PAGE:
Tuesday, November 12, 2013

The FDA and Antibiotics - Determining Susceptibility Breakpoints


Dr. Rex is VP and Global Head of Infection Development at AstraZeneca Pharmaceuticals; a Non-Executive Director at F2G, Limited; and an Adjunct Professor of Medicine at the University of Texas Medical School-Houston.

PK-PD underpins both our development programs and interpretive breakpoints

On 17 Oct 2013, the FDA’s Anti-Infective Drugs Advisory Committee (AIDAC) met to discuss thechallenge of setting and updating interpretive breakpoints. For those new to the area, interpretive breakpoints are the rules used to provide predictive categories of Susceptible, Intermediate, or Resistant (S, I, and R) that give health care providers a quick guide to possible antibiotic choices.

On the surface, this sounds simple – does the drug inhibit the bacteria or not? But, the problem becomes complex very quickly. First, the idea of “the drug” has to be translated into “the concentration of the drug at the relevant body site when the patient is given a specific dosage regimen.” Second, the drug’s concentration in patients rises and falls with dosing whereas testing in the laboratory can only for practical purposes be done at fixed drug concentrations. Third, experience has shown that infections differ in terms of the intensity of drug effect needed. Finally, not at all body sites are the same in terms of drug penetration!

Despite this complexity it has been possible to develop breakpoints for most bug-drug combinations that offer a good aid to drug selection. But, the challenge that has emerged is that new information has emerged over the past 20 years that has shown us ways in which some of our breakpoints are suboptimal. Much of this insight flows from the science of PK-PD (pharmacokinetics and pharmacodynamics). We now have a clear understanding of how the shape of the drug exposure curve relates to effect of the bug and how to use preclinical in vitro and in vivo models to predict the required shape for clinical effect in man. We also have an understanding of ways to model the shape of the curve that deal with the fact that different individuals will have slightly different curves – we all clear drugs from our body at a different rate and have different volumes of distribution.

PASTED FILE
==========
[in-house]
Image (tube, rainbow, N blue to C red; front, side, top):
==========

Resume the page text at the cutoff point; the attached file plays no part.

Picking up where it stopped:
In addition, new insights into best ways to do the in vitro susceptibility test and the evolution of new mechanisms of resistance may have an impact on our view of the most appropriate breakpoint. Finally, some drugs have a sufficiently broad range of indicated dosages that a single set of breakpoints doesn’t seem appropriate, especially give rising rates of resistance and our limited new drug pipeline.

And finally, there was a critical need to address this because of a problem that has come out of the woodwork as we’ve begun to implement the streamlined development programs outlined by the 7 Nov 2013 release of the final version of the EMA addendum on antibacterial development and the July 2013 release of the FDA’s Unmet Need guidance.